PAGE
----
Paid episode

The full episode is only available to paid subscribers of Computer, Enhance!

Monday Q&A #8 (2023-04-17)

Answers to questions from last week's videos
17

Each Monday I answer questions from the comments on the prior week’s videos. Transcripts are not available for Q&A videos due to length. I do produce closed captions for them, but Substack still has not enabled closed captions on videos :(

Questions addressed in this video:

  • [01:26] “Since we can freely write to all memory and instructions are just stored in memory, does that mean we could overwrite an instruction while running?”

  • [08:42] “To really get how the 8086 does memory address resolution we should be using the DS segment right?”

  • [11:48] “At the beginning of the class you talked about memory being on disk, in RAM, and in L1, L2, or L3 caches. Do x86 instructions have to differentiate between all of those? I.E. something like mov ax [L3: 52] or do they treat the RAM like one big array of memory, and the L1:3 caches are smart enough to know when an addressed byte is already cached?”

  • [20:46] “Now that we generated this image file with little endian. Does that mean if we loaded this image file into a machine using big endian, the image would display totally different? I’m guessing you would have to create two different image files. Does this mean if I program in a higher language on a big endian cpu that my code will only work on a big endian cpu? Or is higher language adding more instructions just to check what endian the machine is using?”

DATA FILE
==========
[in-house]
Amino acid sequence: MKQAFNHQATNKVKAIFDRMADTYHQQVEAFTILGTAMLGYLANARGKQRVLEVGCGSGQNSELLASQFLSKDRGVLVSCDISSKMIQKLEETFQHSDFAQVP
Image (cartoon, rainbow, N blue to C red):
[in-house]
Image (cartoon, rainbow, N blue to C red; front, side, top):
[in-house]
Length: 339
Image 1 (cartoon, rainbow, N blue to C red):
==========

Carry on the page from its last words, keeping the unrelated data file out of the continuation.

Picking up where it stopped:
• [35:01] “You mentioned the idea of Turing completeness. Could you please give an explanation of what that means? Thank you for your time.”

  • [42:38] “In our simulator we have our program in address 0, in a pack of 64K of memory. In a real program I guess we won't have access to all the memory of the computer, but instead something the OS decide to give us.

    How does our program know how much memory does it have available for use? How can my program know that at runtime, since once I compile it to use let's say 1 MB of memory, it will fail if the OS give it less than that, and if it gives more than that, the program won't take advantage of all of it. Can you explain how does that work?”

The full video is for paid subscribers

Programming Courses
A series of courses on programming topics.
Authors
Casey Muratori